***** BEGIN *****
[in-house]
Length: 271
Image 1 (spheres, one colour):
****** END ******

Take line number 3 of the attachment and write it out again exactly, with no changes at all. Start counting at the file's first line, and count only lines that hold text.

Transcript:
Image 1 (spheres, one colour):